After another couple of weeks in the field, we have now managed to complete a third of our transects and move our cameras and sound recorders to new locations. One of the most exciting events of the past week came courtesy of the rain. After leaving camp at sunrise and heading into the forest, the weather took an unexpected turn. About 500 metres from the forests boundary line everything turned dark and all of the insects (that are normally active at night) came back out again. It was at this point we decided to turn back immediately, just as the rain began. Following the trail back to the boundary was almost impossible in the near pitch black, especially on the one day we had both forgotten our torches! Unfortunately, we didn’t get back to camp before getting completely drenched, but it did mean a very early finish that day. When the rain eventually stopped, we managed to dry off and prepare to try again the following day. A parcel that arrived with us from University containing waterproofing spray was much appreciated… now our tents might actually keep some water out! We also received some extra camera traps with our delivery… so the problems we encountered with our camera trapping in the first instance should now all be solved.
Moving camera traps went much smoother than anticipated, and over the course of four (very long) days we managed to collect and reposition all of them in the Northern most section of the Reserve. Our tree climber, Joe, managed to get them placed nice and high so we are hoping for the best for these new locations.
Though we have seen only limited signs of primate presence in the South of the park, as we now start to head North we are hopeful that sightings and signs will increase. Over the coming days we are continuing with our transects, before everyone takes a well-deserved break this coming weekend. We will be heading to an Eco lodge to the South of Cape Three Points Reserve, for a few days of sun, sea and a little catch up on data entry (ooops!).
It has been some week. The most challenging so far by a mile! After a few days of walking transects, being bitten by ants, stung by wasps, and a lot of falling over, it was time to go and collect the first of our camera trap footage. It was also time for the rain to start pouring down and some of the tents to start leaking. We made it to the cameras only to find there had been several technical problems (hopefully all sorted now though). However, our sound recorders seem to have worked very well. While we won’t be able to analyse the data captured on these properly until our return to the UK, it appears they have been working exactly how we wanted them to.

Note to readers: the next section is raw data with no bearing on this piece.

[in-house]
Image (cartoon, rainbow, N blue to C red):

While some of the team have travelled home to see their families, we have spent the last couple of days recuperating at the beach during a well earned break. It has been nice eating some different food! We were able to find pancakes (happy belated pancake day!), pizza and burgers which made a nice change from rice and spaghetti. However, it’s back to camp this afternoon for another week. We are both feeling more energised and are ready to find out for what the next few days have in store for us and our data collection… hopefully less rain and ants!
So, we have just completed our third day in the field! After a few delays last week (the majority related to truck repairs), we arrived at a local community to the west of Cape Three Points Reserve on Wednesday. We set up camp and settled in, greeted by the children wanting to spend time with us.
After a 4am start the next day, we conducted our first line transect through the reserve, walking for a mere 10 hours before we returned to camp. As I learnt within the first hour of being in the rainforest, a fear of spiders quickly disappears when you are constantly covered in them trying to scramble up and down hills. During both our first and second days of walking transects, we saw various signs of primates in the reserve, including what we believe to be vocalisations from the white-naped mangabey! Today, we started our systematic camera trapping and acoustic recording of the middle section of the reserve. Thankfully, we have our expert tree climber, Joe, to scale up to the top of the canopy to place cameras… it’s VERY high! Tomorrow we have another day of placing cameras and more sound recorders.
Though field work in the rainforest is extremely hard, it feels like it is getting easier by the day. Returning to camp completely soaking and dripping in sweat has become the norm, and slowly but surely our body clocks are adjusting to the very early wake-ups. After all the build-up, planning and preparation for this trip we are both very happy to have started our research projects and we are looking forward to what the coming months have in store for us…which will hopefully include lots of monkeys.